Southland Tales

Southland Tales ★★★★

What kind of film is “Southland Tales”? Richard Kelly’s sophomore effort was his followup to the enormous cult hit that was “Donnie Darko.” That film, which launched the careers of both Gyllenhall siblings, turned Kelly into the next big thing and left everyone curious about the film he’d make next.

When “Southland Tales” premiered at Cannes, it was received with some of the worst headlines to come out of the festival. That was 2006, and the world is a very different place now.

The film shows some vision of a not-too-distant future America, though specifically Venice Beach , Los Angeles, where an ensemble of veterans, low lifes, porn stars and celebrities scheme in a country run rampant with police brutality, inexhaustible energy, and totalitarianism.

Boxer-turned-actor Santaros (Johnson) cheats on his wealthy legacy-family wife (Moore) with porn star and co-author of his screenplay (Gellar). His mother-in-law (Richardson) runs a nationwide surveillance network, while his senator father-in-law (Osborne) runs for president and courts German energy magnate Baron Von Westphalen (Shawn). Meanwhile, the PTSD riddled Taverner Twins, Ronald and Roland (Scott), are kidnapped by underground rebels led by Veronica (Poehler) and Zora (Oteri). Unbeknownst to them, the Twins are keys to a conspiracy that could rip a hole through the fabric of time and space. The film is this and more, under the watchful eye of our narrator, Private Pilot Abilene (Timberlake).

The film is flawed. Severely. Endless exposition dumped over media screens play like painful bandaids that cover up plot threads that were exercised from the film. It’s as if someone tried to reign in this insane film and deliver some resemblance of a coherent plot. Before anyone decries this edit in an effort to defend the integrity of Kelly’s vision, it should be noted that whoever decided to control this film’s wildly erratic plot made it manageable in choosing to do so. There are rumours of a director’s cut coming soon. The mind boggles.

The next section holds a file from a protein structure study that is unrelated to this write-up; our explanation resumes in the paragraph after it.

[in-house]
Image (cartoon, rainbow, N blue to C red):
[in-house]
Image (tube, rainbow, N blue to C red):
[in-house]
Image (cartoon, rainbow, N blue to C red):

Despite its obvious shortcomings, “Southland Tales” thrives, mostly because of how accurate the film depicts life after 2006, and because of Kelly’s fealty to his own idiosyncratic direction.

“Southland Tales” is SO 2006. A soundtrack full of songs by The Killers and Moby. The film’s politics reek of Bush’s War in Iraq. The fashion, the celebrities, all feel of the era. Yet at the same time, many of its mad absurdities have astonishingly come true. There a lot of Kardashian in Krysta Now, or Stormy Daniels, mixing politics and porn stars. There’s a lot of Elon Musk in Von Westphalen, presenting himself as the technological saviour of humanity with a gross underside we’re forbidden to see. Most chilling is the film’s prediction of the rise in our cultural awareness of the systemic racism within policing. There’s a lot of how we view law enforcement now in the character of Bart Bookman (Lovitz). The insanity of the world we live in goes beyond what “Southland Tales” depicts, but it seems like the film closest to hitting the target.

When the film succeeds, it’s the stuff of wonder. Kelly’s unafraid to infuse the genres of music video and interpretive dance into the narrative. By doing so, he delivers moments that burn into memory. What does Justin Timberlake’s lipsync version of “All These Things That I’ve Done” have to do with the wormhole ripping abilities of war vets? How does the dance to “Memory Gospel” between Santaros and the two women who love him render him a Christ-like figure to save us all, right before the end? Infusing these genres into his storytelling, Kelly elevates their plots and their resolutions into the abstract. 

So much happens in “Southland Tales,” I’ve only begun to scratch the surface. It will frustrate many as an example of an overly ambitious sophomore effort. A talented filmmaker breaks out with a big surprise hit of a debut, and for his next film he’s given the keys to the kingdom.

But time has proven us wrong to condemn this film so entirely. It has its own life, emerging from under the shadow of “Donnie Darko.” Kelly hasn’t had that much of a cinematic output since its release, and that’s a shame. He’s a filmmaker with a singular voice, who plays by his own rules, and while this may not have been a masterpiece, given another chance, he’ll make one.

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